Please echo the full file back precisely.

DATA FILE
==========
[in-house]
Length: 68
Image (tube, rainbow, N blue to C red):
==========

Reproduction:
[in-house]
Length: 68
Image (tube, rainbow, N blue to C red):